Methane emission has low genetic correlations to lamb growth traits in Norwegian White sheep
Some of the studies that have been submitted to WCGALP 2022:
– by J.H. Jakobsen, T. Blichfeldt, L.B. Linneflaatten, M.O. Gløersen, L.E. Wallin and J.C. McEwan
The main source of GHG emission in lamb meat production comes from enteric methane (CH4) emission produced as a by-product in the non-aerobic fermentation of feed. Other countries have shown that enteric CH4 emission is heritable in sheep and in cattle. Breeding is thus a mitigation option and including CH4 emission as a trait in the breeding goal will result in a cumulative and permanent reduction in the national GHG emission from lamb meat production. Inclusion of CH4 reduction into the breeding goal requires knowledge of correlations to other traits in the genetic evaluation. The aim of the current study was to investigate the heritability of CH4 in Norwegian White sheep and to compute the genetic correlations to direct and maternal genetic effect of 42-day and 140-day weights.
Fifty-minute CH4 emissions were measured in portable accumulation chambers (PAC) on 4,534 Norwegian White mixed age ewes from 44 breeding flocks and expressed as grams per hour. Liveweight at PAC measurement was also recorded. Ten years of observations for the lamb growth traits 42-day and 140-day weights were extracted from the Sheep Recording Database along with the corresponding pedigrees. Heritabilities and direct and maternal genetic correlations were estimated for liveweight adjusted CH4 and the lamb growth traits. The heritability for liveweight adjusted CH4 was 0.17, and heritabilities for the growth traits were in the range 0.07 to 0.13. The genetic correlation between liveweight adjusted CH4 and maternal genetic effect of 42-day weight was 0.32 and significantly different from zero, while other correlations between CH4 and growth were non-significant.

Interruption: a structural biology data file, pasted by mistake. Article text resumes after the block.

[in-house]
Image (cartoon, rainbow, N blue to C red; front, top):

Based on this study, including liveweight adjusted PAC CH4 emission into the breeding goal for Norwegian White sheep imply a reduction in the CH4 conversion factor Ym (% of gross energy intake partitioned into CH4) and as such also the national emissions, given no additional feed stuffs are grown or imported. However, based on the antagonistic genetic correlations to maternal genetic effect of 42-day weight selection solely for reduced methane emission would result in a decrease in the maternal effect on lamb growth during main suckling period. This antagonistic relation should therefore be handled carefully when including methane emission in the breeding goal via appropriate weighting in the overall selection index.